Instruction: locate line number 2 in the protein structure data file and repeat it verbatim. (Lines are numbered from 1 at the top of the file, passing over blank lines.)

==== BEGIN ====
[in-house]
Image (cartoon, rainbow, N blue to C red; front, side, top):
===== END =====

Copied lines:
Image (cartoon, rainbow, N blue to C red; front, side, top):